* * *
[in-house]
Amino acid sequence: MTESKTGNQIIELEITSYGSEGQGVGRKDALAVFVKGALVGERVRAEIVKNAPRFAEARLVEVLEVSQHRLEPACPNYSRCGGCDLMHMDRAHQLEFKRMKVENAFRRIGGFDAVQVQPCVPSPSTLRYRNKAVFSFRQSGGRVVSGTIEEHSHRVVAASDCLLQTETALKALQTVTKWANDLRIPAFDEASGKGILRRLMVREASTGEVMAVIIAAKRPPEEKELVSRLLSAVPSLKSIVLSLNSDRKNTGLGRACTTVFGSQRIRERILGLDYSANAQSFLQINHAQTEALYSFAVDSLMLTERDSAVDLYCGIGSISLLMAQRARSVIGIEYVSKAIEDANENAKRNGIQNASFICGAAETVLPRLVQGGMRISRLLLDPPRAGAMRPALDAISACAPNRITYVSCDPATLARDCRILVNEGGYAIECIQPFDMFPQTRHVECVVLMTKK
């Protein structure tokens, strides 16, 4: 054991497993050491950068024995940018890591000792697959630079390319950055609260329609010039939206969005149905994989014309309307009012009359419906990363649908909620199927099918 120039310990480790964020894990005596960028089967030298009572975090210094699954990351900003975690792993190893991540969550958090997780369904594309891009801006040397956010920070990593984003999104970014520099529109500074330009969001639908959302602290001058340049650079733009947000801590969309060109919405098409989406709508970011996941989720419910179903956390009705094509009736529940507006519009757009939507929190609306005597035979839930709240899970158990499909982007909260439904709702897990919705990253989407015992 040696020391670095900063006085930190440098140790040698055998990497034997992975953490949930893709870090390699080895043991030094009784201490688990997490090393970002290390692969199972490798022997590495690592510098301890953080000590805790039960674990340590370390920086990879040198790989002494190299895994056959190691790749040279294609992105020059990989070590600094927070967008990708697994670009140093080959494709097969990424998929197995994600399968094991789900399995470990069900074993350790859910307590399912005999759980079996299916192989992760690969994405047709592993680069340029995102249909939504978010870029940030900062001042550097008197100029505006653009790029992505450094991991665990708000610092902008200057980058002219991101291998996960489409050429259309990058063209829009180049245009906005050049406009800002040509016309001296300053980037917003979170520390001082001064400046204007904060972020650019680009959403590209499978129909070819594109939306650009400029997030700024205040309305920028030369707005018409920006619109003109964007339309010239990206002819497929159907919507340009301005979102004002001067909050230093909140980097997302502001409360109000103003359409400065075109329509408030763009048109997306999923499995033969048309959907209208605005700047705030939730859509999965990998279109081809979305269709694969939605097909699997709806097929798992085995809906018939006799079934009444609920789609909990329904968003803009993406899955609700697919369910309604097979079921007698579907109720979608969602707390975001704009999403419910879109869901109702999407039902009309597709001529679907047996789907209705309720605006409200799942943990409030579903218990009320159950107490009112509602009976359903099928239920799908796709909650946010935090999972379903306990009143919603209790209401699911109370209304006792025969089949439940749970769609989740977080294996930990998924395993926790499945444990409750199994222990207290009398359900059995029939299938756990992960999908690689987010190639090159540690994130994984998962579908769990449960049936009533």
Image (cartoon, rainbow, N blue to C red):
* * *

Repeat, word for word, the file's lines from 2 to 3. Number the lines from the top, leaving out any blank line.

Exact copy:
Amino acid sequence: MTESKTGNQIIELEITSYGSEGQGVGRKDALAVFVKGALVGERVRAEIVKNAPRFAEARLVEVLEVSQHRLEPACPNYSRCGGCDLMHMDRAHQLEFKRMKVENAFRRIGGFDAVQVQPCVPSPSTLRYRNKAVFSFRQSGGRVVSGTIEEHSHRVVAASDCLLQTETALKALQTVTKWANDLRIPAFDEASGKGILRRLMVREASTGEVMAVIIAAKRPPEEKELVSRLLSAVPSLKSIVLSLNSDRKNTGLGRACTTVFGSQRIRERILGLDYSANAQSFLQINHAQTEALYSFAVDSLMLTERDSAVDLYCGIGSISLLMAQRARSVIGIEYVSKAIEDANENAKRNGIQNASFICGAAETVLPRLVQGGMRISRLLLDPPRAGAMRPALDAISACAPNRITYVSCDPATLARDCRILVNEGGYAIECIQPFDMFPQTRHVECVVLMTKK
């Protein structure tokens, strides 16, 4: 054991497993050491950068024995940018890591000792697959630079390319950055609260329609010039939206969005149905994989014309309307009012009359419906990363649908909620199927099918 120039310990480790964020894990005596960028089967030298009572975090210094699954990351900003975690792993190893991540969550958090997780369904594309891009801006040397956010920070990593984003999104970014520099529109500074330009969001639908959302602290001058340049650079733009947000801590969309060109919405098409989406709508970011996941989720419910179903956390009705094509009736529940507006519009757009939507929190609306005597035979839930709240899970158990499909982007909260439904709702897990919705990253989407015992 040696020391670095900063006085930190440098140790040698055998990497034997992975953490949930893709870090390699080895043991030094009784201490688990997490090393970002290390692969199972490798022997590495690592510098301890953080000590805790039960674990340590370390920086990879040198790989002494190299895994056959190691790749040279294609992105020059990989070590600094927070967008990708697994670009140093080959494709097969990424998929197995994600399968094991789900399995470990069900074993350790859910307590399912005999759980079996299916192989992760690969994405047709592993680069340029995102249909939504978010870029940030900062001042550097008197100029505006653009790029992505450094991991665990708000610092902008200057980058002219991101291998996960489409050429259309990058063209829009180049245009906005050049406009800002040509016309001296300053980037917003979170520390001082001064400046204007904060972020650019680009959403590209499978129909070819594109939306650009400029997030700024205040309305920028030369707005018409920006619109003109964007339309010239990206002819497929159907919507340009301005979102004002001067909050230093909140980097997302502001409360109000103003359409400065075109329509408030763009048109997306999923499995033969048309959907209208605005700047705030939730859509999965990998279109081809979305269709694969939605097909699997709806097929798992085995809906018939006799079934009444609920789609909990329904968003803009993406899955609700697919369910309604097979079921007698579907109720979608969602707390975001704009999403419910879109869901109702999407039902009309597709001529679907047996789907209705309720605006409200799942943990409030579903218990009320159950107490009112509602009976359903099928239920799908796709909650946010935090999972379903306990009143919603209790209401699911109370209304006792025969089949439940749970769609989740977080294996930990998924395993926790499945444990409750199994222990207290009398359900059995029939299938756990992960999908690689987010190639090159540690994130994984998962579908769990449960049936009533």